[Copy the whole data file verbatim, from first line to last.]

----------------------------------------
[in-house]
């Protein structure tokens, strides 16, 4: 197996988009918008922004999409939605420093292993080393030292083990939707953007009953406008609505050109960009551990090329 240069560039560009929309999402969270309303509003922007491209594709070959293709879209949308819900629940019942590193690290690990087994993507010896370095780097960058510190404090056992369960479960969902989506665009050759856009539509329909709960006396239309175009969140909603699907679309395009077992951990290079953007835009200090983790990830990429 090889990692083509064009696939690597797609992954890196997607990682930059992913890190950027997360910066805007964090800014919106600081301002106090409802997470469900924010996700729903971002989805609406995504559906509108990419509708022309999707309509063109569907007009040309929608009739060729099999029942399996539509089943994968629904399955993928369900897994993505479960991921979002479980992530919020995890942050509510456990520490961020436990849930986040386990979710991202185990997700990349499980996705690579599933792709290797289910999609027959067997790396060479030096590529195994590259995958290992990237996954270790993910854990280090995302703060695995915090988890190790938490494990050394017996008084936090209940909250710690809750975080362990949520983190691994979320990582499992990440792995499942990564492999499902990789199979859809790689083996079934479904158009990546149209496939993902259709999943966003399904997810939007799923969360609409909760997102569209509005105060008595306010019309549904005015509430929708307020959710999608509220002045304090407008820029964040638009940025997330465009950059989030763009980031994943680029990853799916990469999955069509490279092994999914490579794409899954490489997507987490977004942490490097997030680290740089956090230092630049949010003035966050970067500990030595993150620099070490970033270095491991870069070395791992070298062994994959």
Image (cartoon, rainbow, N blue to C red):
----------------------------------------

[in-house]
């Protein structure tokens, strides 16, 4: 197996988009918008922004999409939605420093292993080393030292083990939707953007009953406008609505050109960009551990090329 240069560039560009929309999402969270309303509003922007491209594709070959293709879209949308819900629940019942590193690290690990087994993507010896370095780097960058510190404090056992369960479960969902989506665009050759856009539509329909709960006396239309175009969140909603699907679309395009077992951990290079953007835009200090983790990830990429 090889990692083509064009696939690597797609992954890196997607990682930059992913890190950027997360910066805007964090800014919106600081301002106090409802997470469900924010996700729903971002989805609406995504559906509108990419509708022309999707309509063109569907007009040309929608009739060729099999029942399996539509089943994968629904399955993928369900897994993505479960991921979002479980992530919020995890942050509510456990520490961020436990849930986040386990979710991202185990997700990349499980996705690579599933792709290797289910999609027959067997790396060479030096590529195994590259995958290992990237996954270790993910854990280090995302703060695995915090988890190790938490494990050394017996008084936090209940909250710690809750975080362990949520983190691994979320990582499992990440792995499942990564492999499902990789199979859809790689083996079934479904158009990546149209496939993902259709999943966003399904997810939007799923969360609409909760997102569209509005105060008595306010019309549904005015509430929708307020959710999608509220002045304090407008820029964040638009940025997330465009950059989030763009980031994943680029990853799916990469999955069509490279092994999914490579794409899954490489997507987490977004942490490097997030680290740089956090230092630049949010003035966050970067500990030595993150620099070490970033270095491991870069070395791992070298062994994959």
Image (cartoon, rainbow, N blue to C red):